After delivering an illegal hit to the head of the Chicago Blackhawks' Ben Smith during an exhibition game Wednesday night, the Detroit Red Wings' Brendan Smith was suspended for the remainder of the preseason and five regular season games.
NHL Senior Vice President of Player Safety Brendan Shanahan said Friday that Brendan Smith "recklessly" targeted Ben Smith's head and therefore drew the suspension. It will also cost the Wings defenseman $23,648 in salary as he will forfeit that while sitting out. If Smith begins the season in the American Hockey League, the suspension will kick in when or if he is recalled.
"You knew it was going to be up there," Hawks forward Patrick Kane said of the length of the suspension. "I think we thought 10-plus (games). I guess they're pretty serious about what they're issuing these days. It seems like Ben (Smith) is doing better so hopefully he won't even be out that long. That's one thing you don't want to see, is the guy who gets hit is out longer than the guy who gets suspended."
In Detroit, Brendan Smith told reporters: “Obviously, we’re trying to cut down on the head hits. I thought it was a little steep with the five regular-season games. I was trying to get a spot here, so I don’t have that many games to show that, but like I said, I thought it was a little steep. But you never want to see anyone get hurt. I had the meeting with Shanny and he decided that I would go with the rest of the preseason and five regular-season games. We had our meeting with Kenny Holland and myself on one line and we were talking to them.
“It’s a high-risk play when someone tries to cut to the middle," Smith continued. "It’s not an illegal play on him, and actually, he made a great move. I was actually trying to catch him, because he kind of had a step. It’s a very fast play with both of us going full-speed. It’s a tough play, but obviously, I was never targeting his head. I feel terrible about the outcome of what happened. And I actually got in touch with (Ben Smith) and just apologized and said ‘In no intentions did I try to do that.’ I was juts trying to out-play that man, and try to make sure that he didn’t get to the net, and not let him score. Obviously, some things can go wrong. And that was the worst possible thing that could happen. I’m going to have to learn from this, for sure."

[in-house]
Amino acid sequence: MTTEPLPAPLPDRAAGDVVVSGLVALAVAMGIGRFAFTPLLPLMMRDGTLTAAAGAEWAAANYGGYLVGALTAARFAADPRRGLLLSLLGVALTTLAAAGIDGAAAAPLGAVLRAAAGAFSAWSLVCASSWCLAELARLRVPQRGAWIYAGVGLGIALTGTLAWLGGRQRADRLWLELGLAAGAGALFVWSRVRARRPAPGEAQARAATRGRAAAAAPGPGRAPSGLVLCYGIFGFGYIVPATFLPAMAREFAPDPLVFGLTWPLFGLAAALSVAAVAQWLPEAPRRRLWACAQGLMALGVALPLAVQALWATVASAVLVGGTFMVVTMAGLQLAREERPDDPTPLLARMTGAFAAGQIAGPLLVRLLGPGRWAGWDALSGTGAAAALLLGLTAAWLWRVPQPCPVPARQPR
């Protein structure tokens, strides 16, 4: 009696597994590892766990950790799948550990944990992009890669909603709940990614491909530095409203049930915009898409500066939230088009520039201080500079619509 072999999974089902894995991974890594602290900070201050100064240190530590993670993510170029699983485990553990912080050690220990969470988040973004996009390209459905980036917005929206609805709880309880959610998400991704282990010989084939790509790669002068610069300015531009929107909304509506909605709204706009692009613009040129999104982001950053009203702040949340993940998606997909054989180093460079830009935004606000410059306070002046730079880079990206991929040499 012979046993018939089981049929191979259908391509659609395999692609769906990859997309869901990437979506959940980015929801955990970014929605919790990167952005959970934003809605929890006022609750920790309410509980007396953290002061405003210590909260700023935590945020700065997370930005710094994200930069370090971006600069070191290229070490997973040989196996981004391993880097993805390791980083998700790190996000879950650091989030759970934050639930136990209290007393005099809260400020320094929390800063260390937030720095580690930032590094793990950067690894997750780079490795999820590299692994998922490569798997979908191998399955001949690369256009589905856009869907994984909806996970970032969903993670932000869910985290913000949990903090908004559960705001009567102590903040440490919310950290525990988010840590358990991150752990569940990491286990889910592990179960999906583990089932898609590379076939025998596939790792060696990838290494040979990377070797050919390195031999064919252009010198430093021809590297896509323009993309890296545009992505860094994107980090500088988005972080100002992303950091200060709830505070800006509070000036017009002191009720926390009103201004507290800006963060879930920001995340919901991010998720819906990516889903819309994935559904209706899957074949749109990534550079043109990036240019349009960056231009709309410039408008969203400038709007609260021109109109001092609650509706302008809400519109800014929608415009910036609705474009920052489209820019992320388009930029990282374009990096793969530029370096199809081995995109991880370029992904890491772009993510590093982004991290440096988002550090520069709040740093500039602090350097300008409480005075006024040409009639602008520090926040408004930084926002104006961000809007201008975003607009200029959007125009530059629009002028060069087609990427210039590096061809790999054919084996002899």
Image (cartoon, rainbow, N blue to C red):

Brendan Smith's coach, Mike Babcock, also addressed the suspension with reporters.
"I thought it was a little extreme to tell you the truth," Babcock said. 'I still believe when you're a left-handed guy, chasing the guy and you put your stick down on the puck, so stick-on-stick, body-on-body, and the guy pulls back he's got some responsibility in this area as well.
"In saying that, we're not condoning anyone getting hit in the head with someone's shoulder or any of that. It's important, they're a work in progress as the league too(is) trying to figure this all out and how to protect the players. He's going to learn from this and move on."
In his explanation for the suspension, Shanahan said, "Although Ben Smith slightly changed shis path, the positioning of his head does not significantly change. So the onus remains on Detroit's Brendan Smith to delvier a full body check. Insteads, Brendan Smith misses and reckelessly targets his oppoents head. This is a violation of the illegal check to the head rule.
"It is always very important to note that Ben Smith was seriously injured on this play. and Brendan Smith was assessed a match penalty."
Hawks coach Joel Quenneville said of the suspension: "It's kind of in line with the way things have been going here. In the past it wouldn't have been as severe but this is kind of a new area they're looking at."
Quenneville said Ben Smith's condition "is about the same" a day after he said the rookie was "okay."
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